Navigating Campus with an Eating Disorder
College can be a particularly triggering time when you’re living with an eating disorder, and navigating school with the illness can be incredibly challenging. With school comes freedom, new experiences, homework, stress, group meals, and more. All of these can cause additional strain on recovery, which is why it’s important to be mindful of your recovery. Despite these challenges, there are certain things you can do to prevent relapse and encourage recovery.
How to Successfully Navigate Campus in Recovery
Living with an untreated eating disorder is extremely dangerous and stressful. Unfortunately, if left untreated, the illnesses often progress over time. Due to their worsening nature, it’s essential to get eating disorder treatment as soon as possible. We know that starting treatment, especially in the midst of school, is extremely challenging. However, some eating disorder treatment centers are able to provide a treatment plan to fit into your life. If you are concerned about the time commitment, know that treatment centers like The Emily Program can work with your schedule to ensure you get the care you deserve. By starting treatment, you can ensure a successful school year where you can focus on school instead of food, body, or image.
If you are just starting treatment or if you have been in recovery for a while, it’s important to prioritize your recovery. College is a busy time where there seem to be endless possibilities: new classes, new friends, parties, study abroad opportunities, 24/7 dining options, and more. With this amount of freedom, recovery can become tricky. Meal plans might become harder to follow and old habits and feelings may return. If this happens, remember to put recovery first. If a heavy class load will compromise your recovery and leave you more stressed out than ever, it may be worthwhile to consider taking a lighter class load. If 24-hour dining options and vending machines make you feel the need to binge or purge, it’s important to structure your life around that setting in a positive way. You may choose to stick to your meal plan or to eliminate potential bingeing triggers from your dorm room. Whatever situation you find yourself in, remember that recovery is the most important thing.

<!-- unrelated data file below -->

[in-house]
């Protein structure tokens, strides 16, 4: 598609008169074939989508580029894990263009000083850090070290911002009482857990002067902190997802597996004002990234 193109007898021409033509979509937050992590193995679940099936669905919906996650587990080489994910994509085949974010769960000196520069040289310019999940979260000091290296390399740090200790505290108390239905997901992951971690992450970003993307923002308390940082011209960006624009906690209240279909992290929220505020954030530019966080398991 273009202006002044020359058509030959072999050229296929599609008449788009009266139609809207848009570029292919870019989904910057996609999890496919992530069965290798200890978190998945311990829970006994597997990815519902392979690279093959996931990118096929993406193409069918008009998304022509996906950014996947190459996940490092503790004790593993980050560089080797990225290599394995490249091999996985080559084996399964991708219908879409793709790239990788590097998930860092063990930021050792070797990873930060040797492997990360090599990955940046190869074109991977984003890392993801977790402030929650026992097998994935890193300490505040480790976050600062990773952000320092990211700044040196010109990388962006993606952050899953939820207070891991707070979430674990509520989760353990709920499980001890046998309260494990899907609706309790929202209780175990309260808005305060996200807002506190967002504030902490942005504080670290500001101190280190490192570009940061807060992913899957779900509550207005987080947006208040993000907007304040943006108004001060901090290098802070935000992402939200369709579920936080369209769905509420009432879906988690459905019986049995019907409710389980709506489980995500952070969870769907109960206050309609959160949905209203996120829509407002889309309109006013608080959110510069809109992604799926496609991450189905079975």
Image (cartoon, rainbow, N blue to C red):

Have a Plan for Triggers and Relapses
Being triggered in eating disorder recovery is extremely common and nothing to be ashamed about. To prevent triggers or to lessen their effect, it can be beneficial to have a plan in place. Decide what you can do or who you can talk to if you are feeling triggered. For example, if your dorm room has free pizza after dinner one day, you might feel the desire to binge, which can be triggering. In this case, you could have a plan in place to avoid bingeing and to lessen negative thoughts. You could hang out at a friend’s dorm, you could eat the pizza in a way that works with your meal plan, or you could eat a slice with friends who understand what you are experiencing.
Relapses in recovery are also common and that is okay! What’s most important is that you have a relapse plan in place. To create this plan, reflect on what a relapse might look like for you and what you think the best way to handle it would be. Keep in mind that if you are experiencing relapse in recovery, it’s important to get support from a treatment team or other professional. One example of a simple relapse plan is, “If I find myself restricting or bingeing, I will pause and recognize that what I am doing is harmful and is a part of my eating disorder. Then, I will reach out to my support system and let them know what is going on. From there, I will find my next best course of action, which could mean meeting with my treatment team or seeing them more frequently until I am secure in recovery.”
Having an eating disorder or being in recovery on campus can be lonely. However, many campuses provide counseling services, which can be helpful for those struggling. There are also programs students can attend to be around folks going through similar experiences—like Recovery Nights. If you are having a hard time finding people to connect with, there are positive online communities to follow that can aid you in recovery motivation. Check out our Instagram for positive recovery-based content!
If you are struggling with an eating disorder, the first step to recovery is to get an eating disorder assessment. From there, a specialized provider can assist you in finding the best treatment option for you. If you are ready to take that step, call The Emily Program at 1-888-364-5977. If you are a former client struggling with eating disorder thoughts or relapse, The Emily Program will welcome you back with open arms and help you get back to recovery.